Impact of the international term breech trial on clinical practice and concerns: a survey of centre collaborators

J Obstet Gynaecol Can. 2003 Jan;25(1):14-6. doi: 10.1016/s1701-2163(16)31077-5.


Objective: The purpose of this study was to determine what impact the International Term Breech Trial had had in different settings and to elicit any concerns among collaborators regarding the implementation of a policy of planned Caesarean section for term breech babies.

Methods: We mailed a questionnaire to all Term Breech Trial collaborators. The questionnaire asked 3 open-ended questions about the impact of the trial, about concerns with implementing planned Caesarean section for term breech babies, and about whether information as to the relative costs of planned Caesarean section versus planned vaginal birth would be helpful. Frequencies of responses were calculated for centres in countries classified as having a low or a high national perinatal mortality rate (< or = 20/1000 vs. > 20/1000, respectively) according to the figures published by the World Health Organization in 1996.

Results: We received responses from 80 centres in 23 countries. Most centres (92.5%) stated that clinical practice had changed to planned Caesarean section for most or all term breech babies. The majority of centres (66.3%) had no difficulties or concerns with implementing a policy of planned Caesarean section for term breech babies. Most centres (85.0%) indicated that an analysis of relative costs would not affect clinical practice in their setting.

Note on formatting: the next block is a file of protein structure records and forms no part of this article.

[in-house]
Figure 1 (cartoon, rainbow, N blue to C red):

Conclusion: Clinical practice has changed to planned Caesarean section in most collaborating centres, given the results of the Term Breech Trial.

Publication types

  • Multicenter Study
  • Research Support, Non-U.S. Gov't

MeSH terms

  • Breech Presentation*
  • Canada
  • Cesarean Section / statistics & numerical data*
  • Clinical Trials as Topic
  • Female
  • Humans
  • Obstetrics
  • Practice Guidelines as Topic
  • Practice Patterns, Physicians'*
  • Pregnancy
  • Surveys and Questionnaires